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Browning v. Salinas

April 21, 2010


The opinion of the court was delivered by: James K. Singleton, Jr. United States District Judge


Petitioner Jerry E. Browning, a state prisoner proceeding pro se, has filed a petition for habeas corpus relief under 28 U.S.C. § 2254. Browning is currently in the custody of the California Department of Corrections and Rehabilitation, incarcerated at the Deuel Vocational Institution. Respondent has filed an answer, and Browning has replied.


Browning is currently serving an indeterminate sentence of 29 years to life in prison following his 1983 conviction of first-degree murder with the use of a firearm. In April 2008 the Board of Parole Hearings denied Browning parole. Browning filed a petition for habeas corpus relief in the California Superior Court, Los Angeles County, which denied his petition in an unpublished, reasoned decision.*fn2 Browning's subsequent petition for habeas corpus relief to the California Court of Appeal was denied in an unpublished, reasoned decision,*fn3 and the California Supreme Court summarily denied review without opinion or citation to authority on January 21, 2009.*fn4 Browning timely filed his petition for relief in this Court on February 9, 2009.


In his petition Browning raises essentially a single ground: that the decision of the Board of Parole Hearings was unsupported by the record and the Board violated his due process rights by failing to follow California laws, policies, procedures, and regulations. Respondent does not assert any affirmative defense.*fn5


Because Petitioner filed his petition after April 24, 1996, it is governed by the standard of review set forth in the Antiterrorism and Effective Death Penalty Act of 1996 ("AEDPA"), 28 U.S.C. § 2254(d). Consequently, this Court cannot grant relief unless the decision of the state court was "contrary to, or involved an unreasonable application of, clearly established Federal law, as determined by the Supreme Court of the United States" at the time the state court renders its decision or "was based on an unreasonable determination of the facts in light of the evidence presented in the State court proceeding."*fn6 The Supreme Court has explained that "clearly established Federal law" in § 2254(d)(1) "refers to the holdings, as opposed to the dicta, of [the Supreme Court] as of the time of the relevant state-court decision."*fn7 The holding must also be binding upon the states; that is, the decision must be based upon constitutional grounds, not on the supervisory power of the Supreme Court over federal courts.*fn8 Thus, where holdings of the Supreme Court regarding the issue presented on habeas review are lacking, "it cannot be said that the state court 'unreasonabl[y] appli[ed] clearly established Federal law.'"*fn9 When a claim falls under the "unreasonable application" prong, a state court's application of Supreme Court precedent must be objectively unreasonable, not just incorrect or erroneous.*fn10 The Supreme Court has made clear that the objectively unreasonable standard is a substantially higher threshold than simply believing the state court determination was incorrect.*fn11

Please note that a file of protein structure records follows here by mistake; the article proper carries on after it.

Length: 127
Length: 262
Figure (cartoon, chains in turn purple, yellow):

In applying this standard, this Court reviews the last reasoned decision by the state court.*fn12 Under AEDPA, the state court's findings of fact are presumed to be correct unless the petitioner rebuts this presumption by clear and convincing evidence.*fn13


It is well-established by Supreme Court precedent that there is no constitutional right of a convicted person to be conditionally released on parole before expiration of a sentence.*fn14 The Ninth Circuit has held, however, that a California prisoner has a liberty interest in parole protected by the procedural safeguards of the Due Process Clause of the Fourteenth Amendment.*fn15 It is well settled in this circuit that a decision of the parole board to deny a prisoner parole must be supported by some evidence in the record.*fn16

Browning argues that there is no evidence in the record to support the determination that he poses a continuing risk of danger to society if released on parole. Browning further argues that in reaching its decision, the Board did not follow applicable California laws, regulations, policies and procedures. In denying this petition, the Los Angeles County Superior Court held:

The record reflects that on the morning of July 2, 1981, petitioner was observed in the garage of a service station beating an Asian man, Kyung Yul Bae, with what appeared to be a piece of pipe. Other witnesses saw the petitioner at the service station and at a liquor store at a nearby intersection earlier that morning when he took a sawed-off shotgun out of a tan Riviera. When the petitioner headed toward the service station, one of the witnesses called the police. The victim, Mr. Bae, died of his injuries and his daughter reported that $100 was missing from the cash register at the service station. At trial, the petitioner denied both robbing and beating Mr. Bae.

The Board found the Petitioner unsuitable for parole after a parole consideration hearing held on April 28, 2008. The Petitioner was denied parole for three years. The Board concluded that the Petitioner was unsuitable for parole and would pose an unreasonable risk of danger to society or a threat to public safety if he is released. The Board based its decision primarily on the commitment offense, petitioner's lack of ...

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